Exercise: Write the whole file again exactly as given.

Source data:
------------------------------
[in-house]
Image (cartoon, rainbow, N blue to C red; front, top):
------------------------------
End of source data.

[in-house]
Image (cartoon, rainbow, N blue to C red; front, top):